C++
// Curiously Recurring Template Pattern (CRTP) o F-bound polymorphism pattern sample
// A derived class inherits from a template class with itself as template argument

// Template base class
template <class t="">
class BaseT
{
public:
	BaseT() = default;
	virtual ~BaseT() = default;
	
	std::wstring Run() { 
		 static_cast<t*>(this)->Execute();
		 return L"Method Execute called from base!";
	    }
};

// CRTP derived class
class Derived : public BaseT<derived>
{
public:
    Derived() = default;
    virtual ~Derived() = default;

    void Execute() { result = L"Method Execute called from derived!"; Print();  }

private:
    std::wstring result = L"";
    void Print() { std::wcout << result << std::endl; }

};
    //------------------------------------------------

// main
int main()
{
auto d = std::make_unique<derived>();

std::wstring str = d->Run();

std::wcout << str << std::endl;

d = nullptr;
d.reset();

return 0;

};

    //------------------------------------------------
    //output:
    Method Execute called from derived!
    Method Execute called from base!

Implementation types As already mentioned, in our case, it is necessary to declare in the .idl file our runtime class, done this at the time of build the toolchain (midl.exe and cppwinrt.exe) generates an implementation type for us.

This is the stub of our struct to which I referred above.

The stub struct generated by Visual Studio, based on the runtime class that we declared in the .idl file is ready to use and is saved one part in a .h file and the other in .cpp files; we can want to copy / paste the two files from the sources folder to that of our project.

The two generated files are in the folder .. project\Generated Files\sources\ the content of which is:

Image 1

C++
// file DemoStudent.h
#pragma once
#include "DemoStudent.g.h"

// Note: Remove this static_assert after copying these generated source files to your project.
// This assertion exists to avoid compiling these generated source files directly.
//static_assert(false, "Do not compile generated C++/WinRT source files directly");

namespace winrt::UWPUtils::implementation
{
    struct DemoStudent : DemoStudentT<demostudent>
    {
        DemoStudent() = default;

        hstring FirstName();
        void FirstName(hstring const& value);
        hstring LastName();
        void LastName(hstring const& value);
    };
}
namespace winrt::UWPUtils::factory_implementation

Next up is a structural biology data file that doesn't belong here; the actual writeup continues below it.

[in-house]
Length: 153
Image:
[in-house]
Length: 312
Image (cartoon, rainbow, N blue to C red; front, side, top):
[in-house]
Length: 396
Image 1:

{
    struct DemoStudent : DemoStudentT<demostudent, implementation::demostudent="">
    {
    };
}
C++
// file DemoStudent.cpp
#include "pch.h"
#include "DemoStudent.h"
#include "DemoStudent.g.cpp"

// Note: Remove this static_assert after copying these generated source files to your project.
// This assertion exists to avoid compiling these generated source files directly.
//static_assert(false, "Do not compile generated C++/WinRT source files directly");

namespace winrt::UWPUtils::implementation
{
    hstring DemoStudent::FirstName()
    {
        throw hresult_not_implemented();
    }
    void DemoStudent::FirstName(hstring const& value)
    {
        throw hresult_not_implemented();
    }
    hstring DemoStudent::LastName()
    {
        throw hresult_not_implemented();
    }
    void DemoStudent::LastName(hstring const& value)
    {
        throw hresult_not_implemented();
    }
}

The rest of the type implementation generated by Visual Studio (assuming the file is called demostudent) as in the example is in the files:

  • DemoStudent.g.h
  • DemoStudent.g.cpp
  • module.g.cpp

Image 2

C++
//file DemoStudent.g.h

// WARNING: Please don't edit this file. It was generated by C++/WinRT v2.0.201113.7

#pragma once
#include "winrt/UWPUtils.h"
namespace winrt::UWPUtils::implementation
{
    template <typename d="">
    struct __declspec(empty_bases) DemoStudent_base : implements<d, uwputils::demostudent="">
    {
        using base_type = DemoStudent_base;
        using class_type = UWPUtils::DemoStudent;
        using implements_type = typename DemoStudent_base::implements_type;
        using implements_type::implements_type;
        
        hstring GetRuntimeClassName() const
        {
            return L"UWPUtils.DemoStudent";
        }
    };
}
namespace winrt::UWPUtils::factory_implementation
{
    template <typename d="">
    struct __declspec(empty_bases) 
    DemoStudentT : implements<d, windows::foundation::iactivationfactory="">
    {
        using instance_type = UWPUtils::DemoStudent;

        hstring GetRuntimeClassName() const
        {
            return L"UWPUtils.DemoStudent";
        }
        auto ActivateInstance() const
        {
            return make<t>();
        }
    };
}

#if defined(WINRT_FORCE_INCLUDE_DEMOSTUDENT_XAML_G_H) || __has_include("DemoStudent.xaml.g.h")
#include "DemoStudent.xaml.g.h"
#else